Well-Woman Preventive Visits
The Women’s Preventive Services Initiative recommends that women receive at least one preventive care visit per year beginning in adolescence and continuing across the lifespan to ensure the provision of all recommended preventive services. The primary purpose of well-woman visits is the delivery and coordination of recommended preventive services as determined by age and risk factors. These services may be completed at a single visit or as part of a series of visits that take place over time to obtain all necessary services depending on a woman’s age, health status, reproductive health needs, pregnancy status, and risk factors. Well-women visits also include prepregnancy, prenatal, postpartum and interpregnancy visits.
Well-woman preventive services may include, but are not limited to, assessment of physical and psychosocial function, primary and secondary prevention and screening, risk factor assessments, immunizations, counseling, education, prepregnancy care, and many services necessary for prenatal, postpartum and interpregnancy care. Visits should allow sufficient time to address and coordinate services, and a team-based approach may facilitate delivery of services. Recommended services are evidence-based items or services that have in effect a rating of “A” or “B” in the current recommendations of the United States Preventive Services Task Force, and immunizations that have in effect a recommendation from the Advisory Committee on Immunization Practices of the Centers for Disease Control and Prevention. Recommended services for adolescents also include evidence-informed preventive care and screenings provided for in the comprehensive guidelines supported by the Health Resources and Services Administration, and for women, such additional preventive care and screenings as provided for in comprehensive guidelines supported by the Health Resources and Services Administration.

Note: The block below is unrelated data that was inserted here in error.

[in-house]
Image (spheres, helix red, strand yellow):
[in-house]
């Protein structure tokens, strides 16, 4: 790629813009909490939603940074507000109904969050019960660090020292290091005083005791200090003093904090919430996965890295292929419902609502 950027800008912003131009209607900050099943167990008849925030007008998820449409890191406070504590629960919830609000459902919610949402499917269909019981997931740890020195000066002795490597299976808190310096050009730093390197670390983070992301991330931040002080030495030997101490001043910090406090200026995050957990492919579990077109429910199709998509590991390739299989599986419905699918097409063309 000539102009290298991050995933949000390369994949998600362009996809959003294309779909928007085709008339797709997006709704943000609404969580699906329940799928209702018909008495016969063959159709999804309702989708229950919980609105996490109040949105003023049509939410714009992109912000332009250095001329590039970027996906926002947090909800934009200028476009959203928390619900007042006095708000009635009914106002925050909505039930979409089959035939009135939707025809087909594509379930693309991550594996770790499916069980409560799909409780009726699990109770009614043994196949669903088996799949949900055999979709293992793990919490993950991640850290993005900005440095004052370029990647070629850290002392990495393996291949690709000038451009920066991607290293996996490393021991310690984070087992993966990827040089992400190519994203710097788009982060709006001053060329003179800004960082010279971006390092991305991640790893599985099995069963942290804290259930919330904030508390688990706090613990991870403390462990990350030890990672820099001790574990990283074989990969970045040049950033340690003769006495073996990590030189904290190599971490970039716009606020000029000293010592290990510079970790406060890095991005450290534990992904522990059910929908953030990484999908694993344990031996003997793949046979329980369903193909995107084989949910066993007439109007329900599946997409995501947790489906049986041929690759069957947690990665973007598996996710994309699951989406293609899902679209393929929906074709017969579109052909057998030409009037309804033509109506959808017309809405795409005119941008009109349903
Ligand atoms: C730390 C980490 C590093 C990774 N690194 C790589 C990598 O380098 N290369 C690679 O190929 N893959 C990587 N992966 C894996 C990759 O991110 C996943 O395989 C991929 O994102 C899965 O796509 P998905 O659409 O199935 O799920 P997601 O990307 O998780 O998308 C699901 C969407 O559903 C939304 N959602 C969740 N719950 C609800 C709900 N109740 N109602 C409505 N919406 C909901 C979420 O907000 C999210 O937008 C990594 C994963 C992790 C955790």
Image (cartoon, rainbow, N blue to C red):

The Recommendations for Well-Woman Care – A Well-Woman Chart provides a framework for incorporating preventive health services for women into clinical practice.
- Research to identify uptake and variations in the delivery of women’s preventive services by clinical specialty (eg, family medicine, internal medicine, ob-gyn, midwifery); health delivery system; and patient population, among other factors.
- Studies to evaluate effective methods for delivering multiple, separate preventive services more efficiently (eg, provide preventive services as clusters of related conditions; develop screening methods that detect more than one condition concurrently; incorporate prevention services opportunistically in the course of clinical care).
- Research on barriers to preventive care particularly among populations experiencing health disparities, adolescents, and diverse populations of older women.
- Studies of the effectiveness of preventive care visits to improve use of preventive services among patients, such as cancer screening, and subsequent health outcomes.
*These are the recommendations of the WPSI and not necessarily of any individual participating organization.